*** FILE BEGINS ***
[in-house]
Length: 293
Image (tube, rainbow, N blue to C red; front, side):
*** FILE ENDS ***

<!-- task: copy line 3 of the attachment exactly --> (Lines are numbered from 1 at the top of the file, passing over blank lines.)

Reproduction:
Image (tube, rainbow, N blue to C red; front, side):